• 120g red lentils
  • 1 teaspoon turmeric
  • 1 litre of stock (you may need more if you prefer a thinner soup)

Method

  • Put all of your ingredients into a large pan, bring to the boil then turn down to a simmer, pop a lid on and let everything bubble away gently for about 20 minutes.
  • Keep an eye on it and add more liquid if you think it needs it.
  • Once the veg and lentils are nice and tender just blend until silky smooth and vibrantly orange.

Instant Brekky Oats

If you like overnight oats, you’ll definitely like Instant Brekky Oats. I do enjoy waking up to a bowl of overnight oats, there’s something so satisfying about knowing you’ve thoughtfully prepared your breakfast the night before, it’s a real act of self love. That is if you remember to assemble your oats before heading off to the land of nod. I usually get into bed before I remember that I forgot.

So Instant Brekky Oats are for people like me, people who promise their family that there will be delicious overnight oats for breakfast, kiss everyone goodnight, then slump in front of the TV for a bit and then stagger off to bed exhausted. You and me, we need those oats, like now.

This is made not with whole oats but with oatbran, which is why you can scoff this breakfast instantly with no soaking or cooking required. And like over night oats you could add anything you want to this. Any fruit (fresh, dried or pureed); any nuts or seeds; even naughty but nice additions like chocolate chips, jam or syrup.

This recipe just happens to be the version I made this morning but here are a few other combos to try:

Peanut butter and crushed strawberries

Banana and honey

Dates, grated apple and maple syrup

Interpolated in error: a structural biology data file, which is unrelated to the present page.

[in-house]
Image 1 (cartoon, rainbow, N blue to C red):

Toasted pumpkin, sunflower and sesame seeds with honey

Coconut yoghurt and mango

Chocolate spread and cinnamon

Pecan nuts and maple syrup

Instant Brekky Oats

Serves ,1 so just multiply by breakfast eaters

Ingredients

  • 4 level dessert spoons of oat bran
  • 2 dessert spoons of milk
  • 1 dessert spoon of peanut butter
  • 4 level dessert spoons of plain yoghurt
  • 2 teaspoons of raspberry jam
  • 1/2 a banana, thinly sliced

Method

  • In the bowl you are going to eat out of mix the oat bran, peanut butter and milk
  • Then mix in the jam and yoghurt
  • You can add more of any of the ingredients depending on whether you would like this thinner / thicker / sweeter / nuttier etc etc
  • Finally, scatter, or artfully place, the banana slices over the top

Quick & Easy Ramen

My eldest had suggested we make ramen at home a couple of times. Usually I’ll jump all over a good food suggestion but for various reasons that just hadn’t happened with this noodley dish: Not enough eggs or no noodles – pretty fundamental stuff in the realm of ramen making.

Jump to Sunday lunchtime. His brothers were at football and rugby training. Eldest decides he’s making ramen for us all. Joy!